Kite Realty reports quarterly profit, annual loss

Kite Realty Group Trust on Wednesday reported a profit of $600,000 for the quarter ended Dec. 31, opposed to a loss of $4.4
million during the same period in 2008.

The Indianapolis-based developer’s fourth-quarter performance met the expectations of analysts, who estimated earnings
at 12 cents per share.

Kite said funds from operations fell to $8.7 million, or 12 cents per share, compared to $10 million, or 24 cents per share,
for the fourth quarter in 2008. Funds from operations, or FFO, is a common performance figure used by real estate investment
trusts to define the cash flow from their operations.

The company’s revenue in the last quarter fell 42 percent, to $29.3 million, reflecting a decline in construction activity,
the company said.

For the entire year, FFO dropped to $28.7 million, or 48 cents per share, compared with $45.1 million, or $1.17 per share,
for 2008. Adjusted FFO in 2009, which excludes costs for an impairment, was 57 cents per share.

Kite lost $1.8 million in 2009, compared with a profit of $6.1 million the previous year. The company attributed the loss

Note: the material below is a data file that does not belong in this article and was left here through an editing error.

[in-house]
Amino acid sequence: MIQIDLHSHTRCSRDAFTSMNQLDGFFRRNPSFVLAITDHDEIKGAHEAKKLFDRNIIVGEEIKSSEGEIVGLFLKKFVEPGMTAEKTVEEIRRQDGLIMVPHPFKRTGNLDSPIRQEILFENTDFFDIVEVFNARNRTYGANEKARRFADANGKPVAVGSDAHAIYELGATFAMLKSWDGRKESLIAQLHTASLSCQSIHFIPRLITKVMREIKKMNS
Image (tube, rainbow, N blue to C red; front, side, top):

to the share of a $4.4 million write-off in connection with the bankruptcy of Circuit City, and its share of a $2.7 million
loss from the sale of a property.

Revenue for the year fell 23 percent, to $142.1 million.

In 2009, Kite renewed or signed 114 leases, totaling about 673,000 square feet.

“We reorganized, refocused and strengthened our leasing department, which resulted in one of the highest levels of
annual leasing production in our history,” company CEO John A. Kite said in a prepared statement. “Despite the
market setbacks in 2009 and the industry challenges in 2010, we believe we are well-positioned to take advantage of the changes
in the real estate market cycle.”

Kite owns 51 retail properties with about 8.4 million total square feet of space, and four commercial properties that add
another 500,000 square feet.

Please enable JavaScript to view this content.

Story Continues Below

Editor's note: You can comment on IBJ stories by signing in to your IBJ account. If you have not registered, please sign up for a free account now. Please note our updated comment policy that will govern how comments are moderated.

{{ articles_remaining }}
Free {{ article_text }} Remaining
{{ articles_remaining }}
Free {{ article_text }} Remaining Article limit resets on
{{ count_down }}